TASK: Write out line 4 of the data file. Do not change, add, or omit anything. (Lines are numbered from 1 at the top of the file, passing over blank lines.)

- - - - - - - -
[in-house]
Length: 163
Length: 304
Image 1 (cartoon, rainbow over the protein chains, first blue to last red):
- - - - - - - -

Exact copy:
Image 1 (cartoon, rainbow over the protein chains, first blue to last red):